First of all, Nathan King ruined my life. Let's start with that.
I was in business school, like the good little WASP that I was. I was going to be...I don't even know. I was going to wear the good suits, though, send my interns out for my coffee and send them scattering with a look if they got my order wrong (venti non-fat iced chai tea latte, they'd murmur to themselves in fear). I was going to move out of the craptastic apartment I shared with Rachel, the interminable grad student (who was actually pretty nice for, you know, someone trying to get a Ph.D. in—no joke—astrophysics).
Then I met Nathan—well, Nate. Nate was kind of, just a little bit, the best-looking guy I have ever seen in my entire life. I swear my attraction to him is only like 10% jealousy. Then maybe like 10% his smirk, 10% that he's the best I've ever had, maybe a little bit anger, but mostly an indescribable, mathematically invalid need to jump his bones whenever he's around.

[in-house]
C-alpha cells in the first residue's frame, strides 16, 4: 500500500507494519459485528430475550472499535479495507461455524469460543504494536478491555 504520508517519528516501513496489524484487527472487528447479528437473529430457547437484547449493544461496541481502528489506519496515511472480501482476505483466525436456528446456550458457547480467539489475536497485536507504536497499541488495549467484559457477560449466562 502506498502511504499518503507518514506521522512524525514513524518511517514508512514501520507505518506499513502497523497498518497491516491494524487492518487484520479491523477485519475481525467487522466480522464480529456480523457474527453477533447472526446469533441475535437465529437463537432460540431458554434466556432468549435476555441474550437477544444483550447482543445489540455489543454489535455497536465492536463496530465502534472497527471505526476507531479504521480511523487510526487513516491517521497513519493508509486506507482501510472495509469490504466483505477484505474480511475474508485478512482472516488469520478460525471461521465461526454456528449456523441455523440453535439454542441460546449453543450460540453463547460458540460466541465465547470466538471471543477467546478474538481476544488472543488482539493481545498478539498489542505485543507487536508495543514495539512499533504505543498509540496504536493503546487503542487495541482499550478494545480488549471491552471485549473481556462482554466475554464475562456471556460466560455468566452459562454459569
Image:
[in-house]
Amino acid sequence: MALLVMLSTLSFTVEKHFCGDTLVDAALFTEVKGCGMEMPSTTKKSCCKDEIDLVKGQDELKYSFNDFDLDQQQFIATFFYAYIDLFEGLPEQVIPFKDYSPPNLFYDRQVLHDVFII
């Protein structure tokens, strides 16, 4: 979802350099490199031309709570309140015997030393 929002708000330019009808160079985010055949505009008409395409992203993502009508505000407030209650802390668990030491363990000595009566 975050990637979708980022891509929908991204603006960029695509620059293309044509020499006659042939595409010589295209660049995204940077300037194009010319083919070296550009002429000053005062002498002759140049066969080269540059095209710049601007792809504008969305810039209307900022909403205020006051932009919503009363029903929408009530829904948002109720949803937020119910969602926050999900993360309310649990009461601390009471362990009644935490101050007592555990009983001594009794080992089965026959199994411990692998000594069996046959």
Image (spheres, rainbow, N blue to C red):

Nate was a writer—one that wasn't getting paid, at the time. But he left journalism school because that wasn't the type of writing he wanted, at least that's what I think he was trying to do. I can't be sure because Nate lied a lot, or maybe he joked a lot and some of his jokes were pretty shitty. One of the two. He told me he dropped out because it was too hard (bullshit, the man's a genius, I'm sure) and then he laughed and took another swig of his beer. He told me he left to care for his dying father, but he later told me that his dad had run out when he was just four and a half years old. He seemed genuinely sad both times, like he could mourn his deadbeat dad and his separate, cancer-riddled one at the same time and not even worry about it. And I was sad for him both times, too, kissed his forehead until the wrinkles smoothed out, kissed his almost girlishly long eyelashes so he wouldn't cry, kissed the corners of his mouth until he smiled. Then he laughed at me and called me a sucker, and I called him a pussy, and he made some crude joke about me being the girl in the relationship, and I shouted and he was still calling me weak and I couldn't handle that. I never could take anyone calling me weak (side effects of growing up a bit flamboyant in the Midwest), and Nate knew it. He was just pushing my buttons so that I'd try to tackle him and he'd turn it into great sex—the kind of sex that would leave me with just as many bruises as if we had fought, because deep down I am weak. Deep down I want to get used and nobody ever used me better than Nate.